Documentary project about Dimiter Gotscheff by Kris Sharkov, Dessy Gavrilova, Irina Andreeva and Georg Genoux.
First work in progress presentation 28th of January 2014 at the Redhouse Center for Culture and Debate in Sofia.
The project premieres in May 2016
About Dimiter Gotscheff
Born on 26 April 1943 in Parvomei, Bulgaria, died on 20 Octobre 2013 in Berlin.
He accompanied his father to the GDR in 1962 where he studied Veterinary Medicine and Theatre Sciences at Humboldt University in East Berlin. 1968 pupil of Benno Besson, assistant director under Fritz Marquardt and contact with Heiner Müller, whose plays he has repeatedly performed since then.
From 1972 first productions in Bulgaria and the GDR, which he left in 1979 in connection with the expatriation of Wolf Biermann. Then productions in Bulgaria until 1985, including a famous production of “Philoctetes” in Sofia in 1983.
1985 invitation by the manager of the Kölner Schauspiel, Klaus Pierwoß, for a guest production of Heiner Müller’s “Quartet”. Gotscheff moved to Cologne and since then has worked only in German-language theatre. In 1991 he was awarded the prize of the Critics’ Association of the Berlin Academy of the Arts and was voted Director of the Year in the critics’ survey of the journal “Theater heute”. He received this honour for a second time in 2005 for his production of “Ivanov”.
1993 to 1996 permanent in-house director at the Düsseldorf Schauspielhaus. From 1995 to 2000 member of the management at Schauspielhaus Bochum during the management of Leander Haußmann. Since then, regular guest in Vienna, Berlin, Düsseldorf, Frankfurt and Hamburg.
Portrait: Dimiter Gotscheff
Dimiter Gotscheff is a lonely phenomenon in German-speaking theatre. Although his age puts him in the generation of the famous manager-directors, such as Peymann, Stein, Zadek or Flimm, unlike these colleagues Gotscheff is still a welcome guest in all German-speaking threatres that have dedicated themselves to the contemporary. And he is by no means invited there for the modified classic designed to placate the subscription audience as compensation for too much modern material. Much rather, to this day Gotscheff himself is searching for this diffuse quality that is called avant-garde in the tradition of thought from which he comes.
The Bulgarian-born director, who found his way into the theatre and to Heiner Müller in East Berlin in the 1970s before he started his real directorial career in Sofia, has covered the entire dramatic cosmos since his move to Germany in 1986. From Sophocles to Dea Loher, from Shakespeare to Koltés he always develops his language from a clear duality: the empty space makes demands of the whole actor.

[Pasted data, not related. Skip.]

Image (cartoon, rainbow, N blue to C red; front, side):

More than hardly any other current director, Gotscheff follows the philosophy of the poor theatre, which dispenses with the atmospheric first aid of great props. He wants to find the naked human soul, and for this thoroughly pathetic undertaking he seeks the qualities of a freelance theatre group within a municipal theatre. Since the early years, when Gotscheff mainly worked in Cologne and Düsseldorf, before he took over the unfortunate management of Bochum Theatre with Leander Haußmann and Jürgen Kruse in 1995, he has wanted the continuity of a travelling ensemble. Actors such as Samuel Fintzi or Almut Zilcher then moved with him to Hamburg or Berlin and are considered to be equaly sources of inspiration for his productions. The mutual support of this way of working was once expressed by the actor Dieter Prochnow: Gotscheff is the only director who really loves his actors.
But the artistic harmony that comes about from these family relationships is by no means tired of conflict. In good productions, such as his treatments of Heiner Müller or the brilliant new telling of Koltés’s “Black Battles with Dogs”, his second production of this material, which he launched at the Berlin Volksbühne in the 2003/04 season, tragic developments are acted bitingly and trenchantly. In unsuccessful productions his fragile actor theatre then has the effect of unfinished improvisations from the avant-garde museum.
Although with his constantly grim expression he looks like the epitome of a man who goes to the cellar to laugh and the mood of his productions tends to be gloomy, bare and pessimistic, his work does often contain fine humour and openness to cultural phenomena that is not automatically expected of sixty-year-olds. In his Koltés production at the Berlin Volksbühne, that uses irony to deal with stereotypes of black and white racism, Fintzi parodies the tribal rites of the Hip-Hop community. And in the melancholic Frankfurt production of Artaud’s “The Cencis”, he locks a crowd of naked people in a crypt as a choir of prisoners of advertising aesthetics. With this openness, Gotscheff suddenly came to command great respect among the younger generation of critics and theatregoers and, in his 60s, was finally invited several times to the Berliner Theatertreffen, something he had only achieved once before (1992).
Despite this recognition from a new generation schooled in pop culture, seriousness and concentration remain the dominant characteristics of his spartan theatre. Viewed in this way, Gotscheff’s productions are a contrast to the young environment in which he likes to work. With the reduction to the essence, the actor, he is very distinct from the wild-ironic poetry that is common in the theatre today. His view of the human condition strips it of all ornamentation to reveal an unvarnished truth. In our fashionable age, this approach is probably a sign of the true avant garde.